As a new tax year starts, everyone from savers, graduates, landlords to married couples will be affected
Another tax year has started and the ripples will be seen across pay cheques in the coming weeks.
6th April marked the first day of the new financial year and with it came changes that will affect income taxpayers, savers, married couples, recent graduates and buy-to-let landlords, among others.
So how will your pay packet and bank balances change over the next 12 months?
The most significant change for most people will be movements in the rates. The personal allowance has now moved from £11,500 to £11,850, while the basic rate band goes up from £33,500 to £34,500. “The bands for 2018/19 are 20% on taxable income up to £34,500, and 40% on income between £34,501 and £150,000,” according to an advice note from Deloitte.
Meanwhile in Scotland, a new income tax system has come into effect. A starter rate of 19% will apply to incomes of between £11,850 and £13,850; 20% between £13,850 and £24,000; 21% from £24,000 to £43,430; 41% between £43,430 and £150,000 and 46% on incomes over £150,000.
There will be significant changes to the amount of tax people pay on investments in companies.
Until last week, you could earn up to £5,000 on dividends without paying tax. This has decreased to £2,000. “Directors and employees of small businesses would have heard in last year’s budget that this tax year would bring changes to the tax-free dividend allowance.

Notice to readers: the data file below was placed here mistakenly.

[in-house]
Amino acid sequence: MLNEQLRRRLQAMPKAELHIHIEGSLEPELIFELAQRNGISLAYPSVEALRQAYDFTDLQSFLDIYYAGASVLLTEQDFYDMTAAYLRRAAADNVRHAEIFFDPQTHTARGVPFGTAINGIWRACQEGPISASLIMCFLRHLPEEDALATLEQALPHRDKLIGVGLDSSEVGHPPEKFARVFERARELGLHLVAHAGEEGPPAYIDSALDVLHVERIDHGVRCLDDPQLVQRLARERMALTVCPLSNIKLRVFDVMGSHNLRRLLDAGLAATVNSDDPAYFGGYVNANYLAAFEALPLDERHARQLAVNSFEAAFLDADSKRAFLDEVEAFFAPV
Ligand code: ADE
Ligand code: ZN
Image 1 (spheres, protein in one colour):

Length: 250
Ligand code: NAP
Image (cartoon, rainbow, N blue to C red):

“The rate of tax varies considerably depending on the individual’s tax band. Consumers would need to carefully check their yearly income and any dividends earned due to the fall in the allowance,” says Springall.
This could mean that investors may want to move their money to an ISA, says Quentin Holt from PwC.
Consumer group Which? calculated that if £10,000 in dividends were earned in a year, a basic-rate taxpayer would see their tax bill rise by £225, while a higher-rate taxpayer would pay a further £975.
Buy to let
Further restrictions on mortgage-interest relief on rental properties have made buy to let an increasingly difficult investment strategy.
At the beginning of last year, landlords could offset all mortgage interest payments against rental income but this was reduced to 75% in the 2017-18 tax year and is now down to 50%. It will be further reduced to 25% in 2019-20, and 0% in 2020-21. With many buy-to-let landlords on interest-only mortgages, these changes have drastically affected incomes.
“The phased approach to this change started last year but the new financial year will see the proportion of finance costs that can be deducted from rental income reduce from 75% to 50%, which mean an increased tax bill for many. Eventually, in 2020/21, landlords will only be able to claim basic-rate relief on mortgage interest so it’s important for investors to consider the impact on their overall figures,” explains David Hollingworth from London & Country Mortgages.
“Given that landlords will not have to submit a tax return for last year until January 2019, there is a risk that some will not have fully assessed how it will affect them.
“The change is also likely to see more landlords fall into the higher-rate taxpayer category. It’s important to take the onset of the new financial year as the trigger to run the figures if they haven’t already.”
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